Put Away The Ponies, Jeeves, And Send In The Pr Chap

In the court of public opinion, the Prince of Wales has a formidable rival: another royal named Diana. Diana's April speech to a London conference on eating disorders garnered such front-page headlines as The Guardian's "Princess Delivers Spellbinder on Anorexia and Bulimia." Meanwhile, Charles's oration in Cambridge next day on global security got minimal coverage.

But Charles's handlers aren't about to let Lady Di, now estranged from her husband, get in the way of their man. They feel it's high time the world learned that beneath the eccentricities and alleged affairs, the Prince of Wales is a royal with a conscience, determined to help his country and leave his mark on the age. Just in the past month, Charles's office has announced plans for everything from a fund for small businesses in Africa and Asia to an environmental program for global hotel chains.

ROYAL ROMPS. The Brand Royal, to use a marketing metaphor, could do with a repositioning. Numerous line extensions, including Lady Diana, Prince Andrew, and the Duchess of York, have attracted enough negative publicity through their romps to erode decades of goodwill acquired by the Queen and Queen Mum. "If they continue to offend people," says veteran royal watcher James Whitaker of the London Daily Mirror, "the survival of the monarchy is at stake."

Not if Charles can help it. To get the message of his tireless activities across the Prince's office has hired one of London's top PR execs, Belinda Harley. Says a close aide: "Unless you communicate what he's doing, he's just another polo player with a bad marriage." Make that former polo player: The Prince has given up league polo to look more serious. He helped persuade the Queen to pay taxes and to open Buckingham Palace to public tours.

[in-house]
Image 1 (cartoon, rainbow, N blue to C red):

The Prince regularly consults with top businessmen such as Sir Allen J.G. Sheppard, chairman of Grand Metropolitan PLC, and rock impresario Harvey Goldsmith, who advise him to persevere and go global with his dealmaking and speechifying. "He'll ask me if he has a right to express his views," says Sheppard. "I tell him he has an obligation."

And the royal aura can still open doors. "There aren't too many people who are going to turn down a chance to meet the Prince of Wales," notes Lodwrick M. Cook, Atlantic Richfield Co. chairman and a backer of several of Prince Charles's programs. The Prince has raised money for a trust that is training the unemployed and giving entrepreneurs seed capital.

Although every Briton can tell you about Charles's alleged off-color phone calls to his putative mistress, the hard work has produced converts among the commoners. In Llanelli, Wales, where unemployment stands at 17% and social programs are being whittled down, the pull of Prince Charles lured Sarah Williams to take three months off from her job to work in his volunteer program at a school for handicapped children. "He's got radical ideas," says Williams. "The country needs somebody like him to survive." And perhaps Charles needs royalists like Williams to survive as well.

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